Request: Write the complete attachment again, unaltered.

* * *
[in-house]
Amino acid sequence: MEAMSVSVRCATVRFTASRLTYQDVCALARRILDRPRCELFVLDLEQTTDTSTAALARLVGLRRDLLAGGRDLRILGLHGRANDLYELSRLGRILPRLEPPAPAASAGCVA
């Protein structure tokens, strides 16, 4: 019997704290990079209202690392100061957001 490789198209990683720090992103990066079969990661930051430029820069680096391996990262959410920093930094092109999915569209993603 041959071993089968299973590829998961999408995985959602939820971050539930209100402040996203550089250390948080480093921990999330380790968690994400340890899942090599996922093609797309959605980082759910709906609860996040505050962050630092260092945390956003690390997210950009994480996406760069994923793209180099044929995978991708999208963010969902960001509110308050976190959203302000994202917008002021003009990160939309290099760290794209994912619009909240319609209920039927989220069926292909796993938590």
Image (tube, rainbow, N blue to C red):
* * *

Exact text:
[in-house]
Amino acid sequence: MEAMSVSVRCATVRFTASRLTYQDVCALARRILDRPRCELFVLDLEQTTDTSTAALARLVGLRRDLLAGGRDLRILGLHGRANDLYELSRLGRILPRLEPPAPAASAGCVA
């Protein structure tokens, strides 16, 4: 019997704290990079209202690392100061957001 490789198209990683720090992103990066079969990661930051430029820069680096391996990262959410920093930094092109999915569209993603 041959071993089968299973590829998961999408995985959602939820971050539930209100402040996203550089250390948080480093921990999330380790968690994400340890899942090599996922093609797309959605980082759910709906609860996040505050962050630092260092945390956003690390997210950009994480996406760069994923793209180099044929995978991708999208963010969902960001509110308050976190959203302000994202917008002021003009990160939309290099760290794209994912619009909240319609209920039927989220069926292909796993938590």
Image (tube, rainbow, N blue to C red):